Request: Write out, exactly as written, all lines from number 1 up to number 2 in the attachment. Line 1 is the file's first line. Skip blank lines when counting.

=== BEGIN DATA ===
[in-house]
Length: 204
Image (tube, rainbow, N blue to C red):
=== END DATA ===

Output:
[in-house]
Length: 204